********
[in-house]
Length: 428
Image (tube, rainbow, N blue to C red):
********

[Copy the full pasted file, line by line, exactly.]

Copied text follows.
[in-house]
Length: 428
Image (tube, rainbow, N blue to C red):